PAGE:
Excessive or unwanted hair in women
Most of the time, women have fine hair above their lips and on their chins, chests, abdomens, or backs. The growth of coarse dark hair in these areas (more typical of male-pattern hair growth) is called hirsutism.
Hypertrichosis; Hirsutism; Hair - excessive (women); Excessive hair in women; Hair - women - excessive or unwanted
Women normally produce low levels of male hormones (androgens). If your body makes too much of this hormone, you may have unwanted hair growth.
In most cases, the exact cause is never known. The condition often runs in families.
A common cause of hirsutism is polycystic ovarian syndrome (PCOS). Women with PCOS and other hormone conditions that cause unwanted hair growth may also have:
- Problems with menstrual periods
- Trouble losing weight
If these symptoms start suddenly, you may have a tumor that releases male hormones.
Other, rare causes of unwanted hair growth may include:
- Tumor or cancer of the adrenal gland.
- Tumor or cancer of the ovary.
- Cushing syndrome.
- Congenital adrenal hyperplasia.
- Hyperthecosis. A condition in which the ovaries produce too much male hormones.
Use of certain medicines may also be the cause of unwanted hair growth, including:
- Anabolic steroids
In rare cases, women with hirsutism have normal levels of male hormones, and the specific cause of the unwanted hair growth cannot be identified.
The main symptom of this condition is the presence of coarse dark hair in areas that are sensitive to male hormones. These areas include:
- Chin and upper lip
- Chest and upper abdomen
- Back and buttocks
- Inner thigh
Exams and Tests
Your health care provider will examine you and ask about your symptoms.
Tests that may be done may include any of the following:
- Testosterone test
- DHEA-sulfate test
- Pelvic ultrasound (if virilization is present)
- CT scan or MRI (if virilzation is present)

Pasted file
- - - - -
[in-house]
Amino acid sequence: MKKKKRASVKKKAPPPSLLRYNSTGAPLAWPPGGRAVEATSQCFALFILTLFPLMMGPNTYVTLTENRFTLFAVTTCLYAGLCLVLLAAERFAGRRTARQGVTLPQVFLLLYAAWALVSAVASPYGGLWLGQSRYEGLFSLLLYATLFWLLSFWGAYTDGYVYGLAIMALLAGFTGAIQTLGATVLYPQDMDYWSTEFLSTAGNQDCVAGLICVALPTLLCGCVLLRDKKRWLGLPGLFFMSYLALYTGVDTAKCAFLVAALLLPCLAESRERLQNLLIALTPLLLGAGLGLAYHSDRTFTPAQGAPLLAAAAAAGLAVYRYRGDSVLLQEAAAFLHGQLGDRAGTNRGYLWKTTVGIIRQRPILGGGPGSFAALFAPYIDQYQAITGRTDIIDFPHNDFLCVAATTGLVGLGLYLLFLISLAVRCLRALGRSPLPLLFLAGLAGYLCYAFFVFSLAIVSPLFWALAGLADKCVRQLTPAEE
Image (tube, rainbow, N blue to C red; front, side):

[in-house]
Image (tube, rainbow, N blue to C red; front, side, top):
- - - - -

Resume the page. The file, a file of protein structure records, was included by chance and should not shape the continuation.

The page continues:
- 17-hydroxyprogesterone blood test
- ACTH stimulation test
Hirsutism is generally a long-term problem. There are many ways to remove or treat unwanted hair. Some treatment effects last longer than others.
- Medicines. Drugs such as birth control pills and anti-androgen medicines are an option for some women.
- Electrolysis. Electrical current is used to permanently damage individual hair follicles so they do not grow back. This method is expensive, and multiple treatments are needed. Swelling, scarring, and redness of the skin may occur.
- Laser energy directed at the dark color (melanin) in the hairs. This method is best for a large area of very dark hair. It does not work on blond or red hair.
Temporary options include:
- Shaving. Although this does not cause more hair to grow, it may make hair look thicker.
- Chemicals, plucking, and waxing. These options are safe and inexpensive. However, chemical products may irritate the skin.
For women who are overweight, weight loss may be able to help reduce hair growth.
Hair follicles grow for about 6 months before falling out. Therefore, it takes many months of taking medicine before you will notice a decrease in hair growth.
Many women get good results with temporary steps to remove hair or lighten it.
Most of the time, hirsutism does not cause health problems. But many women find it bothersome or embarrassing.
When to Contact a Medical Professional
Call your provider if:
- The hair grows rapidly
- You also have male features such as acne, deepening voice, increased muscle mass, male pattern thinning of your hair, and decreased breast size
- You are concerned that medicine you are taking may be increasing the growth of unwanted hair
Bolognia JL, Schaffer JV, Duncan KO, Ko CJ. Hypertrichosis and hirsutism. In: Bolognia JL, Schaffer JV, Duncan KO, Ko CJ, eds. Dermatology Essentials. Philadelphia, PA: Elsevier Saunders; 2014:chap 57.
Bulun SE. Physiology and pathology of the female reproductive axis. In: Melmed S, Polonsky KS, Larsen PR, Kronenberg HM, eds. Williams Textbook of Endocrinology. 13th ed. Philadelphia, PA: Elsevier; 2016:chap 17.
Habif TP. Hair diseases. In: Habif TP, ed. Clinical Dermatology: A Color Guide to Diagnosis and Therapy. 6th ed. Philadelphia, PA: Elsevier; 2016:chap 24.
Reviewed By: Linda J. Vorvick, MD, Clinical Associate Professor, Department of Family Medicine, UW Medicine, School of Medicine, University of Washington, Seattle, WA. Also reviewed by David Zieve, MD, MHA, Medical Director, Brenda Conaway, Editorial Director, and the A.D.A.M. Editorial team.